Risk factors for injury in men´s professional football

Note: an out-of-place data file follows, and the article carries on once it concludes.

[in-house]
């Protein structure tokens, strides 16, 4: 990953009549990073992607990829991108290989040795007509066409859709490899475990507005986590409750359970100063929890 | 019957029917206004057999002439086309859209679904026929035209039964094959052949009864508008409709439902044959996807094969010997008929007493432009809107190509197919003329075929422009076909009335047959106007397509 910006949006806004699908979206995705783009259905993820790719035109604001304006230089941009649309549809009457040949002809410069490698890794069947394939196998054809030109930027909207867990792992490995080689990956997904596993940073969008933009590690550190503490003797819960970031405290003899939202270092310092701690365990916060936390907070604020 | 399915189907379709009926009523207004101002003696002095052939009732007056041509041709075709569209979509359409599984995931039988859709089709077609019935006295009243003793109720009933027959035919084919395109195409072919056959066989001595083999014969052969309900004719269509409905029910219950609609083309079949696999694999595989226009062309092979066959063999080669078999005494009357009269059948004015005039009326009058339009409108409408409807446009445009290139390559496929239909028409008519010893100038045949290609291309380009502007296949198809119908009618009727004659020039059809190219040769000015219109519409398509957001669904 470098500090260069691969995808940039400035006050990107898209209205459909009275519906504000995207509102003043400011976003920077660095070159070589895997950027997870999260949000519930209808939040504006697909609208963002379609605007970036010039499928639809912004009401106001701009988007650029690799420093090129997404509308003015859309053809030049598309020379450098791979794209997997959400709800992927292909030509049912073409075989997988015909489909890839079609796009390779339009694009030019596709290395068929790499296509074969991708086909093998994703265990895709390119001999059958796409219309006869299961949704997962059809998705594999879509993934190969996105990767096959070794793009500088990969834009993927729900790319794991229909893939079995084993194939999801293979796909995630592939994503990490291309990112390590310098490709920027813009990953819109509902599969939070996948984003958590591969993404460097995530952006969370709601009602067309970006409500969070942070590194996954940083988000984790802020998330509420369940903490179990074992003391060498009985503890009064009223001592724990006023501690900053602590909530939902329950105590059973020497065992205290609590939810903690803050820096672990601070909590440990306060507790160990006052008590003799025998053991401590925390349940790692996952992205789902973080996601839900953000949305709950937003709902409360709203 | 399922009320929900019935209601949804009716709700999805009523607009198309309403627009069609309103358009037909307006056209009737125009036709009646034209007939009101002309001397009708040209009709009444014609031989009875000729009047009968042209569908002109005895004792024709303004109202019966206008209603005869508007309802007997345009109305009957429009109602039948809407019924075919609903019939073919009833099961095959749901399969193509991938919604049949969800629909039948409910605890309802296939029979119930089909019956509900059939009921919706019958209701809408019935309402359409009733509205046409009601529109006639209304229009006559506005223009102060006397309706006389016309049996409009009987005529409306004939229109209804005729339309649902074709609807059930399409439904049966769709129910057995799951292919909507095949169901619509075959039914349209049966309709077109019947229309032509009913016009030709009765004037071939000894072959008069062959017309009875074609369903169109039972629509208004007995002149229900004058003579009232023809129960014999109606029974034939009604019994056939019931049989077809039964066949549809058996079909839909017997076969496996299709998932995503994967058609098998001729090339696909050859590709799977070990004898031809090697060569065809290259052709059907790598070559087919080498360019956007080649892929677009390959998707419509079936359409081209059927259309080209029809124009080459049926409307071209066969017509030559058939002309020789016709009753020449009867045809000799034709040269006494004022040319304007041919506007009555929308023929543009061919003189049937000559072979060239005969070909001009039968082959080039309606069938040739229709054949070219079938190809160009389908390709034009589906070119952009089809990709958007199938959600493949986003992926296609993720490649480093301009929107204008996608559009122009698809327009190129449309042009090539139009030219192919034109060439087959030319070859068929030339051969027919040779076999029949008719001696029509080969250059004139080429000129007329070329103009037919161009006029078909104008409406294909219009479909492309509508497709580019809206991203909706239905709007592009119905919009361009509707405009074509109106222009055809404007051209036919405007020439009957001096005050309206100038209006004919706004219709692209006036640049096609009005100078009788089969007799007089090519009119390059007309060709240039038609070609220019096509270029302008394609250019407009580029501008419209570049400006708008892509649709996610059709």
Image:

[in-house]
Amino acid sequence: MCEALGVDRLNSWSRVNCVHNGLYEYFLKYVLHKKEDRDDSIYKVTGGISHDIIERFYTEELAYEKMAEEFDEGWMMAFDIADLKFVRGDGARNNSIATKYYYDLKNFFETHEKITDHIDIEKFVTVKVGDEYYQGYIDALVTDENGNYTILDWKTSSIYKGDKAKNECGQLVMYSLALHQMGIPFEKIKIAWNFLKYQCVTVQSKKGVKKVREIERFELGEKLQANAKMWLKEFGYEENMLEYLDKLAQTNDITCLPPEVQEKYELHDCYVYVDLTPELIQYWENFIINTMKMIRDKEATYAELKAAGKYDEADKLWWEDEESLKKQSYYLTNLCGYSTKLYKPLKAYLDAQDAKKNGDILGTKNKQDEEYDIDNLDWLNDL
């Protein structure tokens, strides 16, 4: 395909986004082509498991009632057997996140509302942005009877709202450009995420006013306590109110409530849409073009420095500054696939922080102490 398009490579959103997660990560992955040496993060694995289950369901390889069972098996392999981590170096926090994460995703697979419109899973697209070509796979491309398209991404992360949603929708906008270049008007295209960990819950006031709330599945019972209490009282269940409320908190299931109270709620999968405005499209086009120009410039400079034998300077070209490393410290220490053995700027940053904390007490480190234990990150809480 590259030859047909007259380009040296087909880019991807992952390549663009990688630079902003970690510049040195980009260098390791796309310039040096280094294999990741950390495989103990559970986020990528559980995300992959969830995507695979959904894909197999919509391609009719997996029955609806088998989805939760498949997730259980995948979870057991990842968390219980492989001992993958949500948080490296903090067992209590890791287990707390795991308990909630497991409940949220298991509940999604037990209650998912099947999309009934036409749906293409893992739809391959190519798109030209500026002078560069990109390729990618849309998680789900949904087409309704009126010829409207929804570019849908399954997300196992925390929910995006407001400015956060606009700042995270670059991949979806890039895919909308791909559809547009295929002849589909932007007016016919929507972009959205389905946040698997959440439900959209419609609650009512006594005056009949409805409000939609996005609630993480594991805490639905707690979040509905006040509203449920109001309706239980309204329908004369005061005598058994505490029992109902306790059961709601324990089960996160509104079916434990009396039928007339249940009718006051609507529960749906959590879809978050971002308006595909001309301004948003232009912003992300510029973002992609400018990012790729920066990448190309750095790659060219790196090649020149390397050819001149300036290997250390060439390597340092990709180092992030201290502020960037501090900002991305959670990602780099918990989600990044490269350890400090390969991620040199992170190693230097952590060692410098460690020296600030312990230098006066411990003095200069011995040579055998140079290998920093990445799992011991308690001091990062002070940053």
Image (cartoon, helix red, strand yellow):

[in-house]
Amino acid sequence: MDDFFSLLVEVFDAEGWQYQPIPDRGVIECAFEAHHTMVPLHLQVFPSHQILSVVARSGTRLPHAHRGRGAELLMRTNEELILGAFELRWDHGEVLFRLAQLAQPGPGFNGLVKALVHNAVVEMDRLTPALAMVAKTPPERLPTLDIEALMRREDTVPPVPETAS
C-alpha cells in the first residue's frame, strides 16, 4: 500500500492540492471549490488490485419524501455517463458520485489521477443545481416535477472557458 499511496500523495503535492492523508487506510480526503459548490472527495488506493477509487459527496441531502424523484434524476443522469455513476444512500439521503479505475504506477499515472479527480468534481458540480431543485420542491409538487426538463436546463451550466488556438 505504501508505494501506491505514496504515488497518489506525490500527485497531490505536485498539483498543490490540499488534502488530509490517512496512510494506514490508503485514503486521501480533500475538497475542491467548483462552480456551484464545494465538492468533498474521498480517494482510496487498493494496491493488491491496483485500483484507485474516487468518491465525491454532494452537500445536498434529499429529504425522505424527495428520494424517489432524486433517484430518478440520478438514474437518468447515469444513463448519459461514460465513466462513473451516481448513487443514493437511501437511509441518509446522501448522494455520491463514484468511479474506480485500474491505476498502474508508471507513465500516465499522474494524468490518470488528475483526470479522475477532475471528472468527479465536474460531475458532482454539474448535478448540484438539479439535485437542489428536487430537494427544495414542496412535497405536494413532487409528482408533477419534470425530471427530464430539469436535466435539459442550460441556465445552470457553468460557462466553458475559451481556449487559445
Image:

Abstract: This thesis includes four papers based on three different prospective cohort studies on injury characteristics in men’s professional football. The same general methodology was used in all papers. Time-loss injuries and player individual exposure was registered for match and training separately. The general aim was to investigate potential internal and external risk factors for injury, with a focus on age, playing position, time in professional football, playing surface (artificial turf and natural grass), changes between surfaces and climate; and to evaluate the study methodology.Paper I was based on data collected between 2001 and 2010 from 26 top professional clubs in Europe; the UCL injury study. In total, 6140 injuries and 797 389 hours of exposure were registered. A decreased general injury rate was observed for newcomers compared with established players (hazard ratio (HR), 0.77; 95% CI 0.61-0.99). Using goalkeepers as a reference, all outfield playing positions had significantly higher age-adjusted injury rates. Using players aged ? 21 years as a reference, the overall adjusted injury rate increased with age, with a peak injury rate among players aged 29 to 30 years (HR, 1.44; 95% CI, 1.24-1.68).Paper II and Paper III are based on data collected during two consecutive seasons, 2010 and 2011, in the Swedish and Norwegian male first leagues. In total, 2186 injuries and 367 490 hours of football exposure were recorded. No statistically significant differences were found in acute injury rates on artificial turf (AT) compared with natural grass (NG) during match play (rate ratio, 0.98, 99% CI 0.79-1.22) or training (rate ratio 1.14, 99% CI 0.86-1.50) when analysing at the individual player level. However, when analysing at the club level, clubs with AT installed at their home arena had a significantly higher acute training injury rate (rate ratio 1.31, 99% CI 1.04-1.63) and overuse injury rate (rate ratio 1.38, 99% CI 1.14-1.65) compared to clubs with NG installed at their home venue. No association was found between frequent surface shifts and subsequent overuse injury risk (risk ratio 1.01, 95% CI 0.91-1.12). Analyses on the total cohort showed no difference in injury rates between clubs in the two climate zones (total rate ratio 1.01, 95% CI 0.92-1.10).Data included in Paper IV were collected during two consecutive seasons 2008 and 2009. During this period, two Norwegian elite football clubs were concurrently included in two research groups’ surveillance systems. The capture rate for match injuries was similar between the two audits, while the capture rate for training injuries was slightly higher with individual-based exposure recording. The inter-rater agreement in injury variable categorisations was in most aspects very high.
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